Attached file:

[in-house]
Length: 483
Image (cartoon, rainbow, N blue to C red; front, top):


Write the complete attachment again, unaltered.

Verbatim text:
[in-house]
Length: 483
Image (cartoon, rainbow, N blue to C red; front, top):